State building is an ongoing process that first defines legitimate citizenship and then generates citizens. Political analysts and social scientists now use the concept of citizenship as a lens for considering both the evolution of states and the development of their societies. In Citizenship as a Regime leading political scientists from Canada, Europe, and Latin America use insights from comparative politics, institutionalism, and political economy to understand and analyze the dynamics of contemporary policies and politics. This book celebrates Jane Jenson’s work and many of her contributions to political science and the study of Canadian politics. Featuring Jenson’s concept of “citizenship regime”, the collected chapters consider its theoretical and methodological underpinning and presents new applications to various empirical contexts. Contributors present original research, critically assess the idea of a citizenship regime, and suggest ways to further develop Jane Jenson’s notion of a “citizenship regime” as an analytical tool. Research essays in this volume consider various social forces and dynamics such as neoliberalism, inequality, LGBTQ movements, the rise of populism amid nationalist movements in multinational societies—including Indigenous self-determination claims—and how they transform the politics of citizenship. These collected contributions—by former students, collaborators and colleagues of Jenson—highlight her lasting influence on the contemporary study of citizenship in Canada and elsewhere. Contributors include: Marcos Ancelovici (UQÀM), James Bickerton (St Francis Xavier University), Maxime Boucher (Université de Montréal), Neil Bradford (Huron University College), Alexandra Dobrowolsky (Saint Mary’s University), Pascale Dufour (Université de Montreal), Jane Jenson (Université de Montréal), Rachel Laforest (Queen’s University), Rianne Mahon (Wilfrid Laurier University), Bérengère Marques-Pereira (Université Libre de Bruxelles), Martin Papillon (Université de Montréal), Denis Saint-Martin (Université de Montréal), and Miram Smith (York University).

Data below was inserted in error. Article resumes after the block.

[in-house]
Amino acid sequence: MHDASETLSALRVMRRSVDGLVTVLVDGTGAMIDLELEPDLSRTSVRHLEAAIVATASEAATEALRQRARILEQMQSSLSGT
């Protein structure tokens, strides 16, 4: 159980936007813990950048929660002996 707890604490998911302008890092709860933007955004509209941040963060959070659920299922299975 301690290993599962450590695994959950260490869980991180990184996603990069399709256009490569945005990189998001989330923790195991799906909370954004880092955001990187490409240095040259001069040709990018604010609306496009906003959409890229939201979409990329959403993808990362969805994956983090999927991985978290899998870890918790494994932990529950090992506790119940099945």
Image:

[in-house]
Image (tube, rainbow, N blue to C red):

The Philippines became Canada’s largest source of short- and long-term migrants in 2010, surpassing China and India, both of which are more than ten times larger. The fourth-largest racialized minority group in the country, the Filipino community is frequently understood by such figures as the victimized nanny, the selfless nurse, and the gangster youth. On one hand, these narratives concentrate attention, in narrow and stereotypical ways, on critical issues. On the other, they render other problems facing Filipino communities invisible.
This landmark book, the first wide-ranging edited collection on Filipinos in Canada, explores gender, migration and labour, youth spaces and subjectivities, representation and community resistance to certain representations. Looking at these from the vantage points of anthropology, cultural studies, education, geography, history, information science, literature, political science, sociology, and women and gender studies, Filipinos in Canada provides a strong foundation for future work in this area.